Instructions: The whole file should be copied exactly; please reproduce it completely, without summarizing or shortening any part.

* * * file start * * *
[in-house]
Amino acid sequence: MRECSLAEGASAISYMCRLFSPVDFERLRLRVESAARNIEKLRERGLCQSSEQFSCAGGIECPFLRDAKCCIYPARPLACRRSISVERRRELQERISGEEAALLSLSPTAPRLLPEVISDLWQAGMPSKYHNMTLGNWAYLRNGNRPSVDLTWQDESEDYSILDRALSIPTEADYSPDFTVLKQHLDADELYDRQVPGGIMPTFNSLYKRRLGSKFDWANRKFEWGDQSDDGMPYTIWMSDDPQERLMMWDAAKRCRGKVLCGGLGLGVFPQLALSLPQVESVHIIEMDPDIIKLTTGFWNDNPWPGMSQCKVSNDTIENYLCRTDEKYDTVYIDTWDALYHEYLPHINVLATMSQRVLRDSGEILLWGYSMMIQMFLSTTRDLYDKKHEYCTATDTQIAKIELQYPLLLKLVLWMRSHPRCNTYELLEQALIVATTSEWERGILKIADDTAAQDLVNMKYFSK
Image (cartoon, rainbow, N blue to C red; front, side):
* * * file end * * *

[in-house]
Amino acid sequence: MRECSLAEGASAISYMCRLFSPVDFERLRLRVESAARNIEKLRERGLCQSSEQFSCAGGIECPFLRDAKCCIYPARPLACRRSISVERRRELQERISGEEAALLSLSPTAPRLLPEVISDLWQAGMPSKYHNMTLGNWAYLRNGNRPSVDLTWQDESEDYSILDRALSIPTEADYSPDFTVLKQHLDADELYDRQVPGGIMPTFNSLYKRRLGSKFDWANRKFEWGDQSDDGMPYTIWMSDDPQERLMMWDAAKRCRGKVLCGGLGLGVFPQLALSLPQVESVHIIEMDPDIIKLTTGFWNDNPWPGMSQCKVSNDTIENYLCRTDEKYDTVYIDTWDALYHEYLPHINVLATMSQRVLRDSGEILLWGYSMMIQMFLSTTRDLYDKKHEYCTATDTQIAKIELQYPLLLKLVLWMRSHPRCNTYELLEQALIVATTSEWERGILKIADDTAAQDLVNMKYFSK
Image (cartoon, rainbow, N blue to C red; front, side):